Catalytic converter thermal model for hybrid electric vehicle engine on/off control strategy development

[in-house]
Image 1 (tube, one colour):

A 3-dimensional (3-D), thermochemical catalytic converter model was developed to investigate the effects of engine-off periods typical in hybrid electric vehicle (HEV) operation on overall emissions conversion effectiveness. The model includes a 3-reaction mechanism to account for the majority of heat generation due to exhaust species chemical conversion during engine operation. The modeled cross-sectional area of the catalytic converter was decreased to reduce computational complexity. This simplification resulted in an over prediction of shell heat loss to the surroundings due to the incorrect shell surface area to volume ratio. Therefore, an adiabatic assumption was used to analyze the substrate’s thermal behavior without the influence of external heat transfer. The analytical model was experimentally validated with an engine that provided feedgas to a catalytic converter. The catalytic converter was instrumented with thermocouples for internal and surface temperature measurement. The reduced-size, catalytic converter model with the adiabatic assumption produced mid-catalytic converter temperature predictions within 3%. However, thermal behavior during engine-off period could not be predicted since radial heat transfer was eliminated with the adiabatic assumption but is the dominating effect in real cool-down. Accurate temperature predictions during cool-down requires modeling a realistic surface area to volume ratio which is outside of the computational limitations of the modeling platform used in this work.